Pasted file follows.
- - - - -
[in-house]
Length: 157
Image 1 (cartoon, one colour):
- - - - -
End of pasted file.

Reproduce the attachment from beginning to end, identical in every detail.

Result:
[in-house]
Length: 157
Image 1 (cartoon, one colour):